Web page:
Special Educational Needs Disabilities (SEND)
Children and young people with SEN all have learning difficulties or disabilities that make it harder for them to learn than most children and young people of the same age. These children and young people may need extra or different help from that given to others.
If your child’s first language is not English, does that mean they have a learning difficulty? The law says that children and young people do not have learning difficulties just because their first language is not English, although, of course, some of these children and young people may have learning difficulties as well.
Many children and young people will have SEN of some kind at some time during their education. Early years providers (for example, nurseries or childminders), mainstream schools, colleges and other organisations can help most children and young people succeed with some changes to their practice or additional support. But some children and young people will need extra help for some or all of their time in education and training.
Children and young people with SEN may need extra help because of a range of needs. Paragraphs 6.27 – 6.35 of the 0-25 SEND Code of Practice set out four areas of SEN:
Communicating and interacting – for example, where children and young people have speech, language and communication difficulties which make it difficult for them to make sense of language or to understand how to communicate effectively and appropriately with others
Cognition and learning – for example, where children and young people learn at a slower pace than others their age, have difficulty in understanding parts of the curriculum, have difficulties with organisation and memory skills, or have a specific difficulty affecting one particular part of their learning performance such as in literacy or numeracy.
Social, emotional and mental health difficulties – for example, where children and young people have difficulty in managing their relationships with other people, are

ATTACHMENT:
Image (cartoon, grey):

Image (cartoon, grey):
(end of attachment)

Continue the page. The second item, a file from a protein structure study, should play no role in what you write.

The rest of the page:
withdrawn, or if they behave in ways that may hinder their and other children’s learning, or that have an impact on their health and wellbeing
Sensory and/or physical needs – for example, children and young people with visual and/or hearing impairments, or a physical need that means they must have additional ongoing support and equipment
Some children and young people may have SEN that covers more than one of these areas.
Many children and young people who have SEN may also have a disability. A disability is described in law (the Equality Act 2010) as ‘a physical or mental impairment which has a long-term (a year or more) and substantial adverse effect on their ability to carry out normal day-to-day activities.’ This includes, for example, sensory impairments such as those that affect sight and hearing, and long-term health conditions such as asthma, diabetes or epilepsy.
The Equality Act requires that early years providers, schools, colleges, other educational settings and local authorities:
• must not directly or indirectly discriminate against, harass or victimise disabled children and young people
• must make reasonable adjustments (see Glossary), including the provision of auxiliary aid services (for example, tactile signage or induction loops), so that disabled children and young people are not disadvantaged compared with other children and young people. This duty is what is known as ‘anticipatory’ – people also need to think in advance about what disabled children and young people might need